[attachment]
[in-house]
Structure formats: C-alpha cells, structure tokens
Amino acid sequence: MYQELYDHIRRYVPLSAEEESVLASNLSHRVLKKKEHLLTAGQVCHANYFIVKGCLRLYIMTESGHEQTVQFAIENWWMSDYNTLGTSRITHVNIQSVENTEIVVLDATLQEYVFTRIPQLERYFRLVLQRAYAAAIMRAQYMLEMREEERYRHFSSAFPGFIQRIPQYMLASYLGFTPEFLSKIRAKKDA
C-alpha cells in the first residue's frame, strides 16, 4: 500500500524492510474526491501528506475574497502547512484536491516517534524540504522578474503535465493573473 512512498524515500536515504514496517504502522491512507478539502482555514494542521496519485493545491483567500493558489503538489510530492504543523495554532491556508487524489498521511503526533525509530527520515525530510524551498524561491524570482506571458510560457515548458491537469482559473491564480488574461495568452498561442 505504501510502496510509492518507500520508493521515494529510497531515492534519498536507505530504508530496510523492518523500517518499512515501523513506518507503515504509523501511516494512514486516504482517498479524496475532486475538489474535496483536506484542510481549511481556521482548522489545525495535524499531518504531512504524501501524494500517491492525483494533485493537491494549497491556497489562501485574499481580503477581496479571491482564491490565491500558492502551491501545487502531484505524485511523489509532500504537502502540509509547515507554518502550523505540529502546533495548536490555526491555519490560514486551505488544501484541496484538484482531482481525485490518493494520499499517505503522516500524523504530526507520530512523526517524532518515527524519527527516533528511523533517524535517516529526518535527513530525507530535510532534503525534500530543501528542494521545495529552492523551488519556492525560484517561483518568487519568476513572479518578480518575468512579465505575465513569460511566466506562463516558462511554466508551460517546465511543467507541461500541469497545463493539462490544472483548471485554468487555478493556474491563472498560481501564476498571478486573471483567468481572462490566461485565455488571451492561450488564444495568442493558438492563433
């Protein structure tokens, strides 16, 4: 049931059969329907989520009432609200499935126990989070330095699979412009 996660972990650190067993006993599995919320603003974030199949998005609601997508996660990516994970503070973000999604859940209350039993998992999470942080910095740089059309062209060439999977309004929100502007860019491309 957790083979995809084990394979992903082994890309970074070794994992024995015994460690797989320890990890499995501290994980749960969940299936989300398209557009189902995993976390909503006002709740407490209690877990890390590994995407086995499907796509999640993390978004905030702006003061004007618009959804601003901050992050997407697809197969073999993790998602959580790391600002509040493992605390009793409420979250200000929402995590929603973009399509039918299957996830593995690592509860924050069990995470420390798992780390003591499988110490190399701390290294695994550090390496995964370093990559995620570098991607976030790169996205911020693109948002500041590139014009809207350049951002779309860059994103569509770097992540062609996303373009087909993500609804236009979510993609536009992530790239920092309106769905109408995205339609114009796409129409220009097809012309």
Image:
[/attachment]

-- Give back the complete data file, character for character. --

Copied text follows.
[in-house]
Structure formats: C-alpha cells, structure tokens
Amino acid sequence: MYQELYDHIRRYVPLSAEEESVLASNLSHRVLKKKEHLLTAGQVCHANYFIVKGCLRLYIMTESGHEQTVQFAIENWWMSDYNTLGTSRITHVNIQSVENTEIVVLDATLQEYVFTRIPQLERYFRLVLQRAYAAAIMRAQYMLEMREEERYRHFSSAFPGFIQRIPQYMLASYLGFTPEFLSKIRAKKDA
C-alpha cells in the first residue's frame, strides 16, 4: 500500500524492510474526491501528506475574497502547512484536491516517534524540504522578474503535465493573473 512512498524515500536515504514496517504502522491512507478539502482555514494542521496519485493545491483567500493558489503538489510530492504543523495554532491556508487524489498521511503526533525509530527520515525530510524551498524561491524570482506571458510560457515548458491537469482559473491564480488574461495568452498561442 505504501510502496510509492518507500520508493521515494529510497531515492534519498536507505530504508530496510523492518523500517518499512515501523513506518507503515504509523501511516494512514486516504482517498479524496475532486475538489474535496483536506484542510481549511481556521482548522489545525495535524499531518504531512504524501501524494500517491492525483494533485493537491494549497491556497489562501485574499481580503477581496479571491482564491490565491500558492502551491501545487502531484505524485511523489509532500504537502502540509509547515507554518502550523505540529502546533495548536490555526491555519490560514486551505488544501484541496484538484482531482481525485490518493494520499499517505503522516500524523504530526507520530512523526517524532518515527524519527527516533528511523533517524535517516529526518535527513530525507530535510532534503525534500530543501528542494521545495529552492523551488519556492525560484517561483518568487519568476513572479518578480518575468512579465505575465513569460511566466506562463516558462511554466508551460517546465511543467507541461500541469497545463493539462490544472483548471485554468487555478493556474491563472498560481501564476498571478486573471483567468481572462490566461485565455488571451492561450488564444495568442493558438492563433
């Protein structure tokens, strides 16, 4: 049931059969329907989520009432609200499935126990989070330095699979412009 996660972990650190067993006993599995919320603003974030199949998005609601997508996660990516994970503070973000999604859940209350039993998992999470942080910095740089059309062209060439999977309004929100502007860019491309 957790083979995809084990394979992903082994890309970074070794994992024995015994460690797989320890990890499995501290994980749960969940299936989300398209557009189902995993976390909503006002709740407490209690877990890390590994995407086995499907796509999640993390978004905030702006003061004007618009959804601003901050992050997407697809197969073999993790998602959580790391600002509040493992605390009793409420979250200000929402995590929603973009399509039918299957996830593995690592509860924050069990995470420390798992780390003591499988110490190399701390290294695994550090390496995964370093990559995620570098991607976030790169996205911020693109948002500041590139014009809207350049951002779309860059994103569509770097992540062609996303373009087909993500609804236009979510993609536009992530790239920092309106769905109408995205339609114009796409129409220009097809012309």
Image: